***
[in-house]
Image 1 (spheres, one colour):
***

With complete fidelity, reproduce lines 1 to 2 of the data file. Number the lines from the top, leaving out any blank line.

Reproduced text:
[in-house]
Image 1 (spheres, one colour):